Charles Franklin, a nationally recognized polling expert, will deliver the keynote address at the fourth annual WisconsinWatch.orgdog Awards.
The Wisconsin Center for Investigative Journalism received eight awards in the Milwaukee Press Club’s annual Awards for Excellence in Wisconsin Journalism, which were announced today. The Center now has won 25 awards from the press club, receiving eight in 2013, four in 2012 and five in 2011.
Nominations are being sought for the 2014 Distinguished WisconsinWatch.orgdog Award, presented annually to recognize an individual’s extraordinary contributions to open government or investigative journalism in Wisconsin.
Two accomplished young journalists, Jacob Kushner and Lukas Keapproth, talk about what their Center internships did for them.
The Evjue Foundation, the charitable arm of The Capital Times, has awarded the Wisconsin Center for Investigative Journalism a major grant to support its award-winning investigative reporting and training of young journalists. The $20,000 gift is the largest single donation received from a Wisconsin donor since WCIJ began operating in 2009.
Today we proudly announce the creation of the WCIJ Education Fund to support the training of investigative journalists. The first goal of the Education Fund is to support WCIJ’s internship program, an integral part of the Center’s award-winning collaboration with the UW-Madison School of Journalism and Mass Communication.
We thank Gov. Scott Walker for deleting this ill-conceived measure from the budget. The effort by an unnamed lawmaker or lawmakers to end the Wisconsin Center for Investigative Journalism’s award-winning relationship with the University of Wisconsin, however, tells us that our reporting is making a difference.
The Center’s eviction is now in Walker’s court. Both houses of the state Legislature have declined to ax a state budget provision that would evict the Center from the University of Wisconsin and bar UW employees from working with it as part of their duties.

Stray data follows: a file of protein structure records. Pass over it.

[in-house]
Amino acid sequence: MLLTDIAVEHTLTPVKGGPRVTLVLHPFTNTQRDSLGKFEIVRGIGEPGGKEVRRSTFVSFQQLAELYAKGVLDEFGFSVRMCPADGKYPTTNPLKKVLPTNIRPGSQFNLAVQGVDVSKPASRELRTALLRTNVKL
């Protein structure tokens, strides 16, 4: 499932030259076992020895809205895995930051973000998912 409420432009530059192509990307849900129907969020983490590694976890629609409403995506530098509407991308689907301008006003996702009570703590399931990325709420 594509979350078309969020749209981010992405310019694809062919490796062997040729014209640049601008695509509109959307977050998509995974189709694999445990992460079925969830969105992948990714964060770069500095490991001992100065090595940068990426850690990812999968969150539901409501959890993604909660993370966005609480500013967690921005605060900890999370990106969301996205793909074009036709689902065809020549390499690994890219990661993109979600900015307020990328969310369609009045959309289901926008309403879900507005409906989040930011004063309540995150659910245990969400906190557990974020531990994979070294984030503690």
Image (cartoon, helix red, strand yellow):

“We believe the Center can contribute much more in the future to Wisconsin citizens, faculty and students through its present location at the university. Thus, we respectfully request removal of language that would curtail what has been a productive and rewarding collaboration for all, providing students with pay, real-world experience and expanded opportunities for employment while helping residents understand major issues facing their communities.”
The Legislature’s action, wrote Hall, would “diminish opportunities for students” and “limit the freedoms of faculty members to determine how best to teach.”
Motion 999 was approved 12-4 down party lines, with Republicans in the majority, around 6 a.m. The controversy and coverage began shortly afterward, from news organizations and groups across the nation and the political spectrum.
The Wisconsin Center for Investigative Journalism swept the “Best Innovative Feature” category and took home five other awards at the Milwaukee Press Club’s annual awards celebration on Friday night. The Center was honored with two gold awards, four silver and two bronze in the club’s Awards for Excellence in Wisconsin Journalism, the state’s premiere all-media journalism competition.